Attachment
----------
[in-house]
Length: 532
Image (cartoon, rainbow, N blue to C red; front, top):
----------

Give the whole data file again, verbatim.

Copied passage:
[in-house]
Length: 532
Image (cartoon, rainbow, N blue to C red; front, top):